With higher-than-normal numbers of adult-size sturgeon found dead in several pools of the Columbia River this summer, white sturgeon fishing was closed by authorities on a large portion of the mid-Columbia on July 29.
Fishery managers from Washington and Oregon announced July 26 that the closure would extend from the Dalles Dam upstream to Priest Rapids Dam. The closure is scheduled to remain in place through Sept. 15.
“Water temperatures increase throughout the summer, but have been running warmer than the historical average, likely contributing to the increased mortalities,” the states’ officials said in a statement. “The fishing closure is a proactive measure being taken out of an abundance of caution to prevent additional stress on the population.”
About two dozen sturgeon have been found dead in recent weeks, primarily in the John Day Pool with additional observations in the Dalles Pool, McNary Pool and the Hanford Reach.
“Sturgeon are very hardy fish in a lot of ways, but they’re also very vulnerable to certain stressors, especially in the late spring and summer period after they spawn,” Washington Department of Fish and Wildlife sturgeon lead Laura Heironimus said. “We see some sturgeon mortalities reported every year, but the number this year is higher than normal and in areas with lower abundances and recruitment concerns, and we want to give these fish every chance possible to survive.”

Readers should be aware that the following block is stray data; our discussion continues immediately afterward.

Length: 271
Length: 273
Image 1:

Washington and Oregon fishery managers jointly made the decision to close the portion of the river that forms part of the border between the two states. Catch-and-release fishing for white sturgeon remains open in the sections of river downstream of the Dalles Dam and Bonneville Dam, where populations are higher.
Members of the public can report fish and shellfish carcasses online using an online reporting form at https://publicinput.com/mortalityreporting.
“We definitely want to know about any additional mortalities and encourage anyone who finds a dead sturgeon to use the reporting tool,” Heironimus said. “Fortunately, we are seeing fewer adult-size sturgeon mortalities than what was observed during the drought of 2015, but we’ll continue monitoring for the rest of the summer.”